And, like the haggard, check at every feather
That comes before his eye. This is a practice,
As full of labour as a wise man's art:
For folly, that he wisely shows, is fit;
But wise men, folly-fallen, quite taint their wit.

JESTING-Dangers of.

Take heed of jesting: many have been ruined by it. It is hard to jest, and not sometimes jeer too; which oftentimes sinks deeper than was intended, or expected.


JESTING-Fatal Influence of constantly.

He who never relaxes into sportiveness is a wearisome companion; but beware of him who jests at every thing! such men disparage, by some ludicrous association, all objects which are presented to their thoughts, and thereby render themselves incapable of any emotion which can either elevate or soften them; they bring upon their moral being an influence more withering than the blasts of the desert. Southey.

JESTS-Causes of Melancholy.

Scoffs, calumnies, and jests, are frequently the causes of melancholy. It is said that "a blow with a word strikes deeper than a blow with a sword;" and certainly there are many men whose feelings are more galled by a calumny, a bitter jest, a libel, a pasquil, a squib, a satire, or an epigram, than by any misfortune whatsoever. Burton.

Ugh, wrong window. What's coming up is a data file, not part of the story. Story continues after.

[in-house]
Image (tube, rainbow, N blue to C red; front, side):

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A Jesuit may be shortly described as an empty suit of clothes, with another person living in them, who acts for him, thinks for him, decides for him, whether he shall be a prince or a beggar, and moves him about wheresoever he pleases; who allows him to exhibit the external aspect of a man, but leaves him none of the privileges-no liberty, no property, no affections, not even the power to refuse obedience when ordered to commit the most atrocious of crimes; for, the more he


outrages his own feelings, the greater his merits. Obedience to the Superior is his ouly idea of virtue, and in all other respects he is a mere image. Southey.

JESUITISM-Doings of.

Ignatius's black militia, armed with this precious message of salvation, have now been campaigning over all the world for about three hundred years; and, openly or secretly, have done a mighty work. Who can count what a work! Where you meet a man believing in the salutary nature of falsehoods, or the divine authority of things doubtful, and fancying that to serve the good cause he must call the